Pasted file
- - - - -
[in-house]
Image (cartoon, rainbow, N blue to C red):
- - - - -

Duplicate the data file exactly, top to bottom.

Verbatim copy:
[in-house]
Image (cartoon, rainbow, N blue to C red):